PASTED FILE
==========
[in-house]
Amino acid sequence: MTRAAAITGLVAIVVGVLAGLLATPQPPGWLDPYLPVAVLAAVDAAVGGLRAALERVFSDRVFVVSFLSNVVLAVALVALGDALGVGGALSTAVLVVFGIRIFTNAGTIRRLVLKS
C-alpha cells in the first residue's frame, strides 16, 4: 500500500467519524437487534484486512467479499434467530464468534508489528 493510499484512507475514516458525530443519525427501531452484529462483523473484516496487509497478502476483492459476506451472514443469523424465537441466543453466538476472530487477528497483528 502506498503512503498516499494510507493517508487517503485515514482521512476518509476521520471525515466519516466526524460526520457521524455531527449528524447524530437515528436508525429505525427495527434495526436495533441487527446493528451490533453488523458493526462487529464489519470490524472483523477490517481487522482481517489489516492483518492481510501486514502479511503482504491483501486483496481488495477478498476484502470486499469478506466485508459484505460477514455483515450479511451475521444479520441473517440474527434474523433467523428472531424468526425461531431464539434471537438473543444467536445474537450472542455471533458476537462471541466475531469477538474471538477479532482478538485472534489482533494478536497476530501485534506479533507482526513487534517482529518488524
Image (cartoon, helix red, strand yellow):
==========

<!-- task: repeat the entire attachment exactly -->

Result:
[in-house]
Amino acid sequence: MTRAAAITGLVAIVVGVLAGLLATPQPPGWLDPYLPVAVLAAVDAAVGGLRAALERVFSDRVFVVSFLSNVVLAVALVALGDALGVGGALSTAVLVVFGIRIFTNAGTIRRLVLKS
C-alpha cells in the first residue's frame, strides 16, 4: 500500500467519524437487534484486512467479499434467530464468534508489528 493510499484512507475514516458525530443519525427501531452484529462483523473484516496487509497478502476483492459476506451472514443469523424465537441466543453466538476472530487477528497483528 502506498503512503498516499494510507493517508487517503485515514482521512476518509476521520471525515466519516466526524460526520457521524455531527449528524447524530437515528436508525429505525427495527434495526436495533441487527446493528451490533453488523458493526462487529464489519470490524472483523477490517481487522482481517489489516492483518492481510501486514502479511503482504491483501486483496481488495477478498476484502470486499469478506466485508459484505460477514455483515450479511451475521444479520441473517440474527434474523433467523428472531424468526425461531431464539434471537438473543444467536445474537450472542455471533458476537462471541466475531469477538474471538477479532482478538485472534489482533494478536497476530501485534506479533507482526513487534517482529518488524
Image (cartoon, helix red, strand yellow):